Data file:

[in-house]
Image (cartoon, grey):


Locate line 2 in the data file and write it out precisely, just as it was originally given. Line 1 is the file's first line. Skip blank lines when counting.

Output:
Image (cartoon, grey):